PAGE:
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I wouldn't have thought her paying for bits and pieces like petrol would be an issue, but good idea to check. It might be easier to keep everything in one place by doing online transfer payments between her account and yours - that's what I do. That allows me to add a note on the transfer of what the payment was for, so I don't have to keep hundreds of pieces of paper.I am also wondering if I need to keep a record of finances between mum and I. As I am carting her about, as she puts it, she is paying for my petrol bless her and also other bits as I am unemployed. I am concerned that this can be taken as "gifting" money with regard to Inheritance Tax. Bloody awful that I am starting to think like this but suddenly everyone's mortality has suddenly become real.
I found my mother put quite a lot of financial correspondence 'in a safe place' i.e. hid it in unlikely places. The worst thing we found was several letters from HMRC about a late tax return, with a fine of around £1500 being imposed. Fortunately HMRC turned out to be sympathetic, and cancelled the fine when told the circumstances.I have booked an appointment with mums Financial Advisor so he will probably be able to advise as there is some concerning stuff I have recently found. Mum a fair few investments and Life Insurance/Assurance policies and there are some letters she has just left to one side, probably because she now doesn't understand them and I haven't got a clue and am very worried if she needs to do anything about these letters.
I see from your first post that your Mum was also feeling dizzy in August. My Mum suffered with dizziness/fainting/falls and was found to have a heart problem. However the symptoms fluctuated so weren't picked up during 24hr heart monitoring. Hopefully your GP will be able to find if there are any medical reasons for your Mum falling and her increased confusion (which can be caused by heart problems). An infection can also cause a sudden increase in confusion so hopefully this will be checked. Is the pain being treated, and did the hospital carry out an x-ray? From experience they tend to want to discharge people asap and don't always carry out thorough checks so it would be worth the GP investigating the cause of the pain too as this can also result in increased confusion.Fast forward to Monday 17th December and mum rang me to say she didn't feel great and was a bit dizzy. So I took her to the GP's and found that her blood pressure was very high and they wanted to do a 24 hour monitoring but the wait for the machine was three weeks. It's a confusing one as sometimes her BP is spot on but fluctuates variably to quite high levels.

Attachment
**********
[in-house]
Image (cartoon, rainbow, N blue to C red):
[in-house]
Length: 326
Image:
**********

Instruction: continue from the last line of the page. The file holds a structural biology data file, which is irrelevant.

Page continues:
My mum was in a dementia care home which sounds very much like the one that Sirena described. She lived there for 3 years and finally passed away in her care home looked after by carers who had become very fond of her and in familiar surroundings. She never required nursing care, except for the pain relief during her final stage and that was administered by district nurses.I read somewhere that dementia patients may not require care with nursing but I find that hard to believe at some stage of the illness?
I have registered the LPA on behalf of my husband at his bank to help him with his account because he simply cannot do it anymore, and our daughter is registered to the account too. It seems to be ok to register it according to the manager who dealt with it. He does still have capacity to make decisions and did so at the time and sign his name, so both can be done without prejudice I think. I agree that the LPA needs to be registered while your Mum can still sign it. As long as she has capacity when she actually signs it that is sufficient. Fortunately my husband was agreeable to all the actions.
I don’t have to do very much but if anything arises the bank knows to call me. He has had trouble with his pin and now he has contactless that helps.Yes my dad was happy to give me POA but I have not used it because everything goes into his bank and everything is paid by direct debit so it sort of maintains itself really. I take dad to the cash point when he needs cash and he keeps that in his wallet. I hope it continues to be so simple.
Dad never forgets a number, National insurance no, pin no's, telephone numbers of his friends in Australia, registration of every car he has ever owned, he can recite them all. I frequently forget my pin no.I don’t have to do very much but if anything arises the bank knows to call me. He has had trouble with his pin and now he has contactless that helps.